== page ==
What kinds of natural hazards could threaten companies, regions and even nations? What is your exposure to these large-scale threats — and how best to prepare? PwC and UNISDR have devised this innovative, interactive tool to help you get inside the impact dimensions of potential threats — and manage the risk in a resilient manner.
Select an area to explore
Geological hazards include internal earth processes such as earthquakes, volcanic activity and emissions, and related geophysical processes such as mass movements, landslides, rockslides, surface collapses, and debris or mud flows.
Hydrometeorological hazards include tropical cyclones (also known as typhoons and hurricanes), thunderstorms, hailstorms, tornados, blizzards, heavy snowfall, avalanches, storm surges, inland flooding including flash floods, drought, heat waves and cold spells.
Impact on social and economical welfare — including risks of diseases, injuries, loss of life
Impact on the environment — including air pollution, toxic spills
Adverse financial impact on a company — including profitability, liquidity, stock price
Disruptive impact on a company — including supply chain interruptions
Reputational impact on a company — including media fallout and public perception on how a disaster is managed
Damage to corporate assets e.g. facility deterioration or damage to corporate transport vehicles.
Disruption of business activities e.g. supply disruption, production bottlenecks or distribution failure.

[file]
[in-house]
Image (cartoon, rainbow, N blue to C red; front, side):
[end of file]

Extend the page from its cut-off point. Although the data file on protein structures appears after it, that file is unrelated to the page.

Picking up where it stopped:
Collateral damage e.g. oil spills or the destruction of a bridge.
Companies avoid disaster risks:
Companies attempt to reduce the likelihood or impacts of disaster risks:
Companies accept residual disaster risks. Once other strategies have been leveraged and implemented, there is a common agreement that ‘zero risk’ can never be achieved. Companies must determine an acceptable level of residual risk based on their risk appetite.
Quick decision-making, fluid information management and a regular reassessment of priorities are all hallmarks of a successful short-term response to a disaster. Other steps include securing remote access to work for employees, transferring work to other sites, and setting up a 24/7 "control tower" -- a nerve center for relaying information and instructions to all parties. In the longer term, scenario planning and enhanced risk procedures should be implemented.
Short-term responses to supply chain exposure include mutual assistance agreements with market peers or neighbours in the event of a disaster. Longer-term responses involve collaborating with suppliers in setting up sustainable business continuity plans (up to and including integrating some suppliers into the organisation).
Efficient collaboration with the public sector, post-disaster, requires preparation. Effective steps include building and maintaining resilient relationships with local and national authorities -- from emergency response organisations to government bodies -- and setting up scenario-based simulations to define the processes and standards that will determine minimum levels of service (e.g. telecommunications, energy supply and other lifeline services), which are crucial during a crisis.
A strategy that considers risk management as an integral part of business.
A clear structure that supports the overall strategy and the implementation of DRM.
The consistency and adequacy of processes to effectively manage DRM.
The skill set and competencies of people in terms of applying the processes involved in DRM.
The right tools and technology to enable implementation of the other four drivers.
The purpose of the 'Understand' section is to define a company's exposure by identifying potential threats and assessing their potential impact.
Once companies understand their risk exposure, they can choose between four distinct DRM strategies to manage this exposure.